One of the concerns people sometimes have about sharing trails and other recreational spaces with equestrians is encountering the inevitable piles of equine fecal waste. Equestrians, for their (I should say "our") part are too often inclined to brush off such concerns as silly. If you have a horse, you spend a lot of time shoveling horse poop and it's never done you any harm, right? In fact, most of us kind of like the tangy smell of manure -- it means a healthy horse is nearby! But what are the actual facts about harmful micro-organisms making their home in that "brown gold?"
According to Rutgers University Equine Science Center, horse manure should not pose a significant health risk to people coming across it on the trail. Specific pathogens of potential concern include Salmonella, certain strains of E. coli (particularly the O157:H7 strain), Cryptosporidium, Giardia, and Campylobacter.
Researchers from the University of California, Davis Medical Center collected samples of horse and mule manure along 186 miles of trails in major national parks and wilderness areas in California. Overall, the samples contained large numbers of normal equine gut bacteria, which do not cause human disease. Only 12 out of the 81 pack animal samples contained bacteria with the potential to cause diarrheal disease in humans. Particular attention was paid to any indication of E. coli O157 or Salmonella. Neither of these organisms were found in any of the pack animal manure samples. One pack animal sample was found to contain the disease-causing protozoa, Giardia. The authors concluded that while potentially pathogenic organisms were found in some samples of horse manure collected along trails, the prevalence was low.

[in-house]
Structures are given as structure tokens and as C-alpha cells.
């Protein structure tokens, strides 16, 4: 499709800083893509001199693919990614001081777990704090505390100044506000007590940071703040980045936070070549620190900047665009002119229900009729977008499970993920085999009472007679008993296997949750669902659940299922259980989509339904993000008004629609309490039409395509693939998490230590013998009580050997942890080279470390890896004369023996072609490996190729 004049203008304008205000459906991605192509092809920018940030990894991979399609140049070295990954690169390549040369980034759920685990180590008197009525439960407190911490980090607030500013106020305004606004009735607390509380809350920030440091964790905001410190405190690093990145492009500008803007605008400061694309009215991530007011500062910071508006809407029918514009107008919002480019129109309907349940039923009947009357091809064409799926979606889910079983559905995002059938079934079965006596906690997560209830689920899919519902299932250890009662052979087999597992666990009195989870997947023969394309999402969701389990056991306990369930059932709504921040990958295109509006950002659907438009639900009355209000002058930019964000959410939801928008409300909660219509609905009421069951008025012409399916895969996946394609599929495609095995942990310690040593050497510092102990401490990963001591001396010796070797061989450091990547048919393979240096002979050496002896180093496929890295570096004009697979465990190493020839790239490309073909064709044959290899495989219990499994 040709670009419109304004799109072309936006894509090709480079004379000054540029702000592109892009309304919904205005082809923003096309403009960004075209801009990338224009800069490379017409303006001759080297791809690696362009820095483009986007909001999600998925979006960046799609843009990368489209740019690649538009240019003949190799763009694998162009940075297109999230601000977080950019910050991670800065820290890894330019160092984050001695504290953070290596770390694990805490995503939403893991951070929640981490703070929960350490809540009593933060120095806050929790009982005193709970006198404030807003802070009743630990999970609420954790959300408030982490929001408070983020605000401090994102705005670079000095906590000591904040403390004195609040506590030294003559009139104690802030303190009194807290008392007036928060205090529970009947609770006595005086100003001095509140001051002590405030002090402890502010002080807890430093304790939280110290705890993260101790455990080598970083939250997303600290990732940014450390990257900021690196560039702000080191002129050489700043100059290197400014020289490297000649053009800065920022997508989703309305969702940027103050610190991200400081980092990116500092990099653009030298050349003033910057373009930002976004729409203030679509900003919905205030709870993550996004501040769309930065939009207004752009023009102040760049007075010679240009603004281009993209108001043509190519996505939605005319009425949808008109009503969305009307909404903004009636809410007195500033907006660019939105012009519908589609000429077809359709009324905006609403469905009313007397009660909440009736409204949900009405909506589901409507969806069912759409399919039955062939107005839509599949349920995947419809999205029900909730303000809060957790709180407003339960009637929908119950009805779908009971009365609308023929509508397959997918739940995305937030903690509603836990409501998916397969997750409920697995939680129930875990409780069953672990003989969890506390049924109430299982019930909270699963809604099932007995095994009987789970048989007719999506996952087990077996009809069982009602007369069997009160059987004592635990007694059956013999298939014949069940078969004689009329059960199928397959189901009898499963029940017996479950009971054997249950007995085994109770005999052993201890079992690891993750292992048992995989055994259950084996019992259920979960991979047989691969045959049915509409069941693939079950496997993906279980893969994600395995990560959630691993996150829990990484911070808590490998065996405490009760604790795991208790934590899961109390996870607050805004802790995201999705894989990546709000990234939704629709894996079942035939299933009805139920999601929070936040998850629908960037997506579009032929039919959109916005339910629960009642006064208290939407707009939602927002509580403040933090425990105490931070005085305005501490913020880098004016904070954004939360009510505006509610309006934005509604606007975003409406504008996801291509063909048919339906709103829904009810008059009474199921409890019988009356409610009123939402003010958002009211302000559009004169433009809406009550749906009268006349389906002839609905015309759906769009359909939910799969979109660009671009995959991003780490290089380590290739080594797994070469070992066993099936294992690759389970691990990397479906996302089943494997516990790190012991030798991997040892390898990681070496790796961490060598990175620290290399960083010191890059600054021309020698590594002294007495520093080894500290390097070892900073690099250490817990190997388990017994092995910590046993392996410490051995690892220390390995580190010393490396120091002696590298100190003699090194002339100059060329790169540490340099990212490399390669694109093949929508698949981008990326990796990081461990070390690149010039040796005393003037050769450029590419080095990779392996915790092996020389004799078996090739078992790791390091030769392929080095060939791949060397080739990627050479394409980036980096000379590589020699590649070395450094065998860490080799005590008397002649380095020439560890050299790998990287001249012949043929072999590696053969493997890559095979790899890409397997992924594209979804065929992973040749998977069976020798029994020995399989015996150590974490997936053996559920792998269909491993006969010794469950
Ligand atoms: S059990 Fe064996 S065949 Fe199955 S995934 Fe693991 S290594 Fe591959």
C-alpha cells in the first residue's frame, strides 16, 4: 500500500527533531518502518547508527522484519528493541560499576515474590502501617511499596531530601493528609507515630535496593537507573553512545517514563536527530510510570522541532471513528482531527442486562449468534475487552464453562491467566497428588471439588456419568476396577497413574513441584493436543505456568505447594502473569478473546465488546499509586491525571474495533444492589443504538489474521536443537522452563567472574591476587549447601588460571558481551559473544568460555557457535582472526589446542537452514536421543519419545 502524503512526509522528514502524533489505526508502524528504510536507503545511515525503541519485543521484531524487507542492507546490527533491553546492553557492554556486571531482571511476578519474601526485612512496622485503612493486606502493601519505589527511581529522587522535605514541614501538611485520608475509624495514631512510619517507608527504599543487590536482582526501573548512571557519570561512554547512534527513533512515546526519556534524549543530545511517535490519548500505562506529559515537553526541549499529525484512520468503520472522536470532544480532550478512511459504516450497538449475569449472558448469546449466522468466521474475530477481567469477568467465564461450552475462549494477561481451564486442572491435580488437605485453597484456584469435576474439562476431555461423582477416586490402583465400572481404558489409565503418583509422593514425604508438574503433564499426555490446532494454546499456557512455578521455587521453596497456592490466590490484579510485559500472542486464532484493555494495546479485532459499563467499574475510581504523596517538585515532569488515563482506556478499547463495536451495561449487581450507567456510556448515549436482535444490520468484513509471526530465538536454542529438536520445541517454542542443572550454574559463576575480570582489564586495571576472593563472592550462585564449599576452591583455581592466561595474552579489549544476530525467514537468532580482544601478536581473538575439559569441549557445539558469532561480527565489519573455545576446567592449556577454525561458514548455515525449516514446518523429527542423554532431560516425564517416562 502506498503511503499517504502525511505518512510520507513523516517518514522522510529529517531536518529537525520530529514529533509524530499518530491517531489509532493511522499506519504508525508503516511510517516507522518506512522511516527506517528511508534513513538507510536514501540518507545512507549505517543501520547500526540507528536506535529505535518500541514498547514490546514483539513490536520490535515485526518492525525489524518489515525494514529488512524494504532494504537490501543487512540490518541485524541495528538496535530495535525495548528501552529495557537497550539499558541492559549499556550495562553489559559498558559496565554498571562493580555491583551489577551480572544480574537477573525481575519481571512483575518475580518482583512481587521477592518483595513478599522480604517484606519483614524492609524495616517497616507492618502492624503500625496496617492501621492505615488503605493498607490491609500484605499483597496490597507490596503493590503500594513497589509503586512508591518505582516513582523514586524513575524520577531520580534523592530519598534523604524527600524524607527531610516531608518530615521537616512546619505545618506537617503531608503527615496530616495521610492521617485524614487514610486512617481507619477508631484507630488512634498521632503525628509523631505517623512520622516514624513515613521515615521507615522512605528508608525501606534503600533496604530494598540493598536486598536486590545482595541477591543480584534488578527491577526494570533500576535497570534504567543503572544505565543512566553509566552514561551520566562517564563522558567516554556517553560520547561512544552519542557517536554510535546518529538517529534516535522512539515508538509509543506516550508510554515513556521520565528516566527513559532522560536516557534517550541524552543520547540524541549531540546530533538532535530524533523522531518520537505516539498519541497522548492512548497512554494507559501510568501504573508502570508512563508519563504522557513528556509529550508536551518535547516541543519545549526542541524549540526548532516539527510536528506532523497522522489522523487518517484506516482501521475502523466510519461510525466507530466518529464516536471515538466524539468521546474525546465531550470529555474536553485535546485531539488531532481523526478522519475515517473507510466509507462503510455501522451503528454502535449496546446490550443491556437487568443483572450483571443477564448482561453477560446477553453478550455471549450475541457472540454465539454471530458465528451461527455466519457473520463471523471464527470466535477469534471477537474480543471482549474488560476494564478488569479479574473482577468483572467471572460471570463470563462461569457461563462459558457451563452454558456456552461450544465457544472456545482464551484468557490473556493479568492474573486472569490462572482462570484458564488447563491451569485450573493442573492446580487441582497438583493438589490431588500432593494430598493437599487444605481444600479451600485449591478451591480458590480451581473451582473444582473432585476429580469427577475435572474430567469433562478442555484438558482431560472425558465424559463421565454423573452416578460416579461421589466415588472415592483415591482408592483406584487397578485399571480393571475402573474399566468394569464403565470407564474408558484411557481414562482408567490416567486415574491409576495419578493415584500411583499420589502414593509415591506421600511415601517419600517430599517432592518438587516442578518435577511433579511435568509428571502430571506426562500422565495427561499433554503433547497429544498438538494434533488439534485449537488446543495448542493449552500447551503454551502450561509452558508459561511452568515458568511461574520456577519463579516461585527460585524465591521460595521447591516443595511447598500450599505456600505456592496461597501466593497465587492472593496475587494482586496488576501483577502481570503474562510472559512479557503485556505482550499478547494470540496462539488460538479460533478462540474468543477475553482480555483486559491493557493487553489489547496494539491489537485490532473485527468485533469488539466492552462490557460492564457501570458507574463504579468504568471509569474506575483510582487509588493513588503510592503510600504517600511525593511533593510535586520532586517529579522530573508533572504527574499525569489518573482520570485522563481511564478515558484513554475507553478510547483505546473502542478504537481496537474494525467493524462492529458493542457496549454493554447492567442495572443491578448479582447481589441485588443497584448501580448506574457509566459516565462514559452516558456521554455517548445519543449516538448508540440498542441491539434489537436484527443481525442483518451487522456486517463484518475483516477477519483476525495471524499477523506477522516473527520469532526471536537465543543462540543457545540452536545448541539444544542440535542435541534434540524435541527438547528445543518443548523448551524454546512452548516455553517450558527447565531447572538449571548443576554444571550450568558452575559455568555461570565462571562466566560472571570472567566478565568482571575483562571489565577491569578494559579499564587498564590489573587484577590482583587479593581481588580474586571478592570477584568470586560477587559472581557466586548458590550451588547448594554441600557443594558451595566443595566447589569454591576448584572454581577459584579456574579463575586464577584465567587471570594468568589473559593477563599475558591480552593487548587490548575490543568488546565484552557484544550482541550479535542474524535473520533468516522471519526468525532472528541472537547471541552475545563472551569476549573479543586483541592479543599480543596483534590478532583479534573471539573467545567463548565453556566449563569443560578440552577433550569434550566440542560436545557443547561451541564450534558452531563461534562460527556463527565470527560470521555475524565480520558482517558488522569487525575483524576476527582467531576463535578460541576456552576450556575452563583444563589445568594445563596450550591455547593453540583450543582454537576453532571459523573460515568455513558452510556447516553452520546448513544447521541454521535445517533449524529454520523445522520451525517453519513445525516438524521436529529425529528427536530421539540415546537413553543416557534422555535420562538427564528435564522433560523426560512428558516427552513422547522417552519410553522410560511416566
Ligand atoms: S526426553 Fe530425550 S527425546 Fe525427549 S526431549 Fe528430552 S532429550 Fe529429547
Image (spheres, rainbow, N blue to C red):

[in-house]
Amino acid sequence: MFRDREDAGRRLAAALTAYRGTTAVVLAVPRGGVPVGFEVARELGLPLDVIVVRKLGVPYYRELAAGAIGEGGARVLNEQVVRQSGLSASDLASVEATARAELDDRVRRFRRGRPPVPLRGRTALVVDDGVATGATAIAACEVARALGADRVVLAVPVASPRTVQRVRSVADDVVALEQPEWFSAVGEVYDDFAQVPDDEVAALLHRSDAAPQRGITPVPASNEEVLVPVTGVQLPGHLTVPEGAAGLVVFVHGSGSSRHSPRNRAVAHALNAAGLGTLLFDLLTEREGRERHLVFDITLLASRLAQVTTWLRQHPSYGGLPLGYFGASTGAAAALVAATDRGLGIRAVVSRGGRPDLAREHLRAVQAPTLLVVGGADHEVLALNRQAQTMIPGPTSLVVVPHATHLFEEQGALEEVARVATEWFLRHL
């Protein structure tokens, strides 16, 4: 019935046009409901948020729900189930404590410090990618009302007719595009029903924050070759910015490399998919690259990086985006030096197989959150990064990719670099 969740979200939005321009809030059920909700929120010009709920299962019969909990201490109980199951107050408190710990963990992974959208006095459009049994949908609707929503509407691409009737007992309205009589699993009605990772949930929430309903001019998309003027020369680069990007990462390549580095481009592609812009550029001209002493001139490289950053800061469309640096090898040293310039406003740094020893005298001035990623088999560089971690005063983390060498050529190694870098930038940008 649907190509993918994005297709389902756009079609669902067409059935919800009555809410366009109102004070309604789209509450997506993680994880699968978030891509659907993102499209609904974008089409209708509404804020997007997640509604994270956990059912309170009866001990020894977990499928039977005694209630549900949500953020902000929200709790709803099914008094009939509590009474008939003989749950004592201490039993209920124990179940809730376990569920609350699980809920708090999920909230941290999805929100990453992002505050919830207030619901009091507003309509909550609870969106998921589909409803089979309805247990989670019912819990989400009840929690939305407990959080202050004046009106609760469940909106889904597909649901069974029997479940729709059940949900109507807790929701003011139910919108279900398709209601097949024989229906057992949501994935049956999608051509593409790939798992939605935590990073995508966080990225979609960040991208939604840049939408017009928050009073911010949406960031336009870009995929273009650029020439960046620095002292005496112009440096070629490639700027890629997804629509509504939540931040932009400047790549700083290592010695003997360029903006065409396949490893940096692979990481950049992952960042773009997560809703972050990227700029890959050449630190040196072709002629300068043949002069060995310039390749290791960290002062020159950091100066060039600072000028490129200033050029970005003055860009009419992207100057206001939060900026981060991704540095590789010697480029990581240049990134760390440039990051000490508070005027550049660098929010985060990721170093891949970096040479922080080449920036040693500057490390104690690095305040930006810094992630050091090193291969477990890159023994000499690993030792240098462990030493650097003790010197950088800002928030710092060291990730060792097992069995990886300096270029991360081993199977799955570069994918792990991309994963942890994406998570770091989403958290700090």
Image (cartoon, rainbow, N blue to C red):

These results could be compared to findings for samples of dog feces collected from the streets of St. Paul, Minnesota. Of those dog fecal samples that contained growing E. coli, more than half contained strains of E. coli identical to bacteria isolated from human patients suffering from serious infections including cystitis, pyelonephritis, bacteremia, or meningitis. The authors of this study concluded that dog feces, and hence domestic dogs, serve as a reservoir for strains of E. coli that are pathogenic (disease causing) in humans.
Presumably these differences between horses and dogs result from their contrasting diets and digestive systems, as well as the greater intimacy with which humans live with our canine pets. In other words, dogs have more opportunities to catch bad bugs from us, and then pass them back.
Unlike dog walkers, horse riders are generally not required to stop and clear up after their horses on the trails. This reflects the comparatively low health risk of horse manure. The potential for a dismounted rider to lose control of their animal while attempting to clear up is deemed to be the greater hazard to other trail users. Nonetheless, equestrians do have a responsibility to clean up where they reasonably can -- around their trailers at trail heads, and when their horses are securely tied at a camp or picnic site.
Marlissa writes about books (including horse books!), reading, and writing on her blog, "You Are What You Read."
by Marlissa Campbell, Contributing Writer
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